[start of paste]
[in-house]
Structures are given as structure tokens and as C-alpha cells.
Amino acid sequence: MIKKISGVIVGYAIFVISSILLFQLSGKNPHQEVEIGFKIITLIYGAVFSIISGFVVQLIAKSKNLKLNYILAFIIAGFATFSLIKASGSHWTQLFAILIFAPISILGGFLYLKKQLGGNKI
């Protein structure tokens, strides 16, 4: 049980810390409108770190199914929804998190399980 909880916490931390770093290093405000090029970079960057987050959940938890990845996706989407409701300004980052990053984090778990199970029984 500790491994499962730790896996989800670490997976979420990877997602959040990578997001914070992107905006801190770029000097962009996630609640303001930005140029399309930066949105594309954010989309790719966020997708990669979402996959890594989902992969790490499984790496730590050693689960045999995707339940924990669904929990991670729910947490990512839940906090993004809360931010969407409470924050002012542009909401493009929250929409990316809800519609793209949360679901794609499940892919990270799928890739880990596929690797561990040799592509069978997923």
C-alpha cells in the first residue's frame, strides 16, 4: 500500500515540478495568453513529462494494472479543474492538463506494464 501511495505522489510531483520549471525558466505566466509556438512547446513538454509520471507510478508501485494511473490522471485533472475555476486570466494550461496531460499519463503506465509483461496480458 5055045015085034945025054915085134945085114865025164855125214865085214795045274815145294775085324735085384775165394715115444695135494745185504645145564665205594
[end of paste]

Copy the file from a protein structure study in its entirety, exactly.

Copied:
[in-house]
Structures are given as structure tokens and as C-alpha cells.
Amino acid sequence: MIKKISGVIVGYAIFVISSILLFQLSGKNPHQEVEIGFKIITLIYGAVFSIISGFVVQLIAKSKNLKLNYILAFIIAGFATFSLIKASGSHWTQLFAILIFAPISILGGFLYLKKQLGGNKI
């Protein structure tokens, strides 16, 4: 049980810390409108770190199914929804998190399980 909880916490931390770093290093405000090029970079960057987050959940938890990845996706989407409701300004980052990053984090778990199970029984 500790491994499962730790896996989800670490997976979420990877997602959040990578997001914070992107905006801190770029000097962009996630609640303001930005140029399309930066949105594309954010989309790719966020997708990669979402996959890594989902992969790490499984790496730590050693689960045999995707339940924990669904929990991670729910947490990512839940906090993004809360931010969407409470924050002012542009909401493009929250929409990316809800519609793209949360679901794609499940892919990270799928890739880990596929690797561990040799592509069978997923």
C-alpha cells in the first residue's frame, strides 16, 4: 500500500515540478495568453513529462494494472479543474492538463506494464 501511495505522489510531483520549471525558466505566466509556438512547446513538454509520471507510478508501485494511473490522471485533472475555476486570466494550461496531460499519463503506465509483461496480458 5055045015085034945025054915085134945085114865025164855125214865085214795045274815145294775085324735085384775165394715115444695135494745185504645145564665205594